VBS case delays cause massive frustration

Frustration reigned at the R2.3-billion VBS Mutual Bank heist court case after another postponement, with one of the accused’s lawyers arguing that his client was suffering financial prejudice because of the state’s alleged ineptitude. 

The angst followed state advocate Hein van der Merwe asking for a postponement of about  eight weeks, saying he needed a racketeering certificate from the National Prosecuting Authority (NPA) head, Shamila Batohi, for prosecutors to arrest three additional suspects.

In October, van der Merwe had brought a remand application for more charges and three new accused to be added, but indicated on Tuesday that a racketeering certificate, in line with the Prevention of Organised Crime Act, needed to be secured from Batohi for more charges to be laid. 

“We [the NPA] finalised the indictment at the end of November last year … Unfortunately, because of positive Covid-19 cases and people who formed part of the original panel [for the racketeering certificate application], she [Batohi] was unable to convene the panel to hear the application to have the additional charges added,” Van der Merwe told the court. 

He spoke at the Johannesburg specialised commercial crimes court, sitting in Palmridge, during the seven remaining suspects’ appearance in the VBS matter. 

The seven accused are Tshifhiwa Matodzi, the former VBS chairperson; Andile Ramavhunga, the former chief executive; Phophi Mukhodobwane, the former treasurer; Sipho Malaba, who was an auditor at KPMG; Lieutenant-General Avhashoni Ramikosi, who was a non-executive director; as well as Ernest Nesane and Paul Magula, both of whom were representing the Public Investment Corporation as non-executive directors on the board.

In October, accused number three, Phillip Truter, VBS’s former chief financial officer, was sentenced to an effective seven years’ imprisonment after pleading guilty to, among other charges, receiving millions of rands from the alleged bank heist and falsifying financial statements. Truter agreed to turn state witness.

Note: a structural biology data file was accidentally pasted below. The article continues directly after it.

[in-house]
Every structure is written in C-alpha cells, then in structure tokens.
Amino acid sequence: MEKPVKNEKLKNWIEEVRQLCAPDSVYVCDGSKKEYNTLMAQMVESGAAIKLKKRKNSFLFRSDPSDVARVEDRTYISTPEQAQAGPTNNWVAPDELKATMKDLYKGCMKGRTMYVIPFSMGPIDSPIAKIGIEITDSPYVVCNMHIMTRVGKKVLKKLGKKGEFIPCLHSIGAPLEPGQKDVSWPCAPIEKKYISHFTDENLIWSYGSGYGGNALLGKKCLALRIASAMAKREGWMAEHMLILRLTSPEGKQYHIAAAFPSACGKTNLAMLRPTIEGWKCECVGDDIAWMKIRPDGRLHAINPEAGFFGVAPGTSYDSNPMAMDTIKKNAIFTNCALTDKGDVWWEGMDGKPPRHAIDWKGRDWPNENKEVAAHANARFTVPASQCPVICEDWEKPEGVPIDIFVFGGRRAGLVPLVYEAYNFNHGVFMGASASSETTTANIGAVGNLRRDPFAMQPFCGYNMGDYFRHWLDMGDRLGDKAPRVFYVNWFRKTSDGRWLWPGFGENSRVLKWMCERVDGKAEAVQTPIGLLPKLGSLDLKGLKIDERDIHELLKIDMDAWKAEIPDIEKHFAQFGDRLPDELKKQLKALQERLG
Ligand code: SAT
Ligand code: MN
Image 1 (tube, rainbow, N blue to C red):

Van der Merwe assured the court that the racketeering application panel would sit “within the next two weeks”, and that the state would be able to proceed with additional counts and accused.

The prosecutor added that the state was not ready to provide the defence with copies of the docket, because this would reveal the identities of the three new suspects.  

“The indictment that we want to serve has been finalised; we do not wish to add any additional accused [besides the ones] we are applying for,” van der Merwe said.

Accusations of financial prejudice 

But the postponement plea drew the ire of Rudzani Netshiavha, who opposed the state’s application on behalf of his client, Ramikosi, who is accused number six. 

Netshiavha argued that the continuous delays in the case were financially prejudicial to his client, saying that it was against the interest of justice. 

Netshiavha further chastised the state for allegedly concealing Truter’s separate appearance in court, when he pled guilty, with the lawyer accusing prosecutors of ineptitude that has led to long delays since the first arrests were made in June last year. 

“Is there anything new that we are hearing today that the state did not say on 8 October, except that the state has to wait for a [racketeering] certificate?

“This delay is caused by the state and the state alone. The accused [Ramikosi] has not played a part in the delay. The state did not even have the decency to let us know that there will be activities around accused number three [Truter],” Netshiavha charged. 

“That is very much suspicious. I’m saying here today that there is nothing new that the state has submitted that it did not submit on 8 October.”

Netshiavha also slammed van der Merwe’s use of Covid-19 positive cases as reasons why the racketeering certificate could not be secured. 

“This case did not start during [the] Covid-19 [outbreak]. In fact, the accused persons were arrested and charged during Covid-19.

“This is not another postponement; it is … a financial prejudice [to my client],” the lawyer said. 

The other six legal representatives rose to say they did not oppose the state’s application. 

Magistrate Phillip Venter noted Netshiavha’s objections, but granted the postponement application and set the matter to sit again on 26 March.

The seven are accused of depleting the now-defunct mutual bank of almost R2.3-billion by allegedly falsifying VBS’s financial statements for the fiscal year ending March 2017, to show that the business was solvent when, in fact, it was not.

Matodzi, Ramavhunga, Truter and Mukhodobwane, according to the indictment, allegedly stole R262-million in 12 days during March 2017, “by creating fictitious credits” in 35 VBS accounts.

All the accused are out on R100 000 bail each and will return to court in March.

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Khaya Koko
Khaya Koko is a journalist with a penchant for reading through legal documents braving the ravages of cold court benches to expose the crooked. He writes about social justice and human-interest stories. Most importantly, he is a card-carrying member of the Mighty Orlando Pirates.

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